6th August 1991: Tim Burners-Lee a scientist at the Cern particle collider in Geneva first posts files describing his idea for interlinked files posted to a personal computer accessed "internet".
8th August 1861: Birth of William Bateson at Robin Hood's Bay in Yorkshire. Bateson would be the first person to use the term "genetics" in studying the nature of biological inheritance.
9th August 1974: Following the Watergate scandal, President Richard Nixon resigns.
12th August 1939: The Wizard of Oz premieres in the United States. The film would open in Britain in November.
17th August 1945: Publication in Britain of George Orwell's novel Animal Farm. Warburg had finally decided to publish the novel, after it had ben rejected by a number of other publishers.
24th August 1931: The Labour government led by James Ramsay Macdonald resigns, to be replaced by a coalition "National Government", once again led by Macdonald as prime minister. Macdonald spent his next few years in a state of sad isolation, distrusted by both his own Labour MPs, and the Conservative MPs, with whom they were forced to join in coalition.
27th August 1883: The eruption of Krakatoa is witnessed by a naval engineer on a nearby ship. He writes in his journal:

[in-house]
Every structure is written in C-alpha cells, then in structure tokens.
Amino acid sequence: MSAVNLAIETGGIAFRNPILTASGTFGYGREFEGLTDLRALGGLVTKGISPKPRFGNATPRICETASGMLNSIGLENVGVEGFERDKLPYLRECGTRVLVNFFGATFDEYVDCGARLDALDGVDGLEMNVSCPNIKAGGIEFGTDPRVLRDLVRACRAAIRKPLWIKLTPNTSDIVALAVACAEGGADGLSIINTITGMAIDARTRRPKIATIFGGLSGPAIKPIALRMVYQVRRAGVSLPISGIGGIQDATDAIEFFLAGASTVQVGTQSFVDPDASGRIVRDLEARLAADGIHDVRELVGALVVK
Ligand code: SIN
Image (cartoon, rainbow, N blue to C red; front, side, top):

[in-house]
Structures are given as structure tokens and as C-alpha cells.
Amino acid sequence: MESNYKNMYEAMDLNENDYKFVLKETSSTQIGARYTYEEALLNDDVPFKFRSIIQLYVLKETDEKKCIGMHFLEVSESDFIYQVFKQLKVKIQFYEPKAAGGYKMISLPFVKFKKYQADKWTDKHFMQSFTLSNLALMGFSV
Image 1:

"Suddenly we saw a gigantic wave of prodigious height advancing from the sea-shore with considerable speed....After a moment, full of anguish, we were lifted up with a dizzy rapidity. The ship made a formidable leap and immediately afterwards we felt as though we had plunged into the abyss...
Like a high mountain the monstrous wave precipitated its journey towards the land...Before our eyes this terrifying upheaval of the sea in a sweeping transit consumed in one instant the ruin of the town. The lighthouse fell in one piece and all the houses of the town were swept away in one blow like a castle of cards. All was finished. There, where a few moments ago lived the town of Telok Betong, was nothing but the open sea."
A preview of my novel - about a girl who discovers that surprisingly she can't find her way to the sort of secret world found in story books. So she searches for an alternative.
Please be aware
We make every effort to ensure the accuracy of our information, but it is always advisable to check details of any visit beforehand using contact details provided. If you spot a mistake please let us know by contacting us.
Almost all photography on InfoBritain is by InfoBritain or by named contributors. All educational use is permitted, but copyright is reserved for commercial uses. Occasionally we have used copyright free stock images which are available for any use. A note will identify these images.
Thank you to photo contributors Danielle Davis, Jean Edwards, Vicky Eagle of Portsmouth Dockyard, Kevin Edwards, Derick Fusco, Julian Jones, Richard Jones, Jackie Lewis, Debbie Lowless, Judy Mills of the Corinium Museum, Jane Barron of the World Rugby Museum, and Susan Stuart of Old Spitalfields Market.